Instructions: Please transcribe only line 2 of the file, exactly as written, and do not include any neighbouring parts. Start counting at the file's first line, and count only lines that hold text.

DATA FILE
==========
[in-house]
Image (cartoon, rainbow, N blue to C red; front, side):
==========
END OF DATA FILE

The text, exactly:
Image (cartoon, rainbow, N blue to C red; front, side):